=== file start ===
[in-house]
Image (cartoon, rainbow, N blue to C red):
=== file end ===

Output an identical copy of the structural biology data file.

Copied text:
[in-house]
Image (cartoon, rainbow, N blue to C red):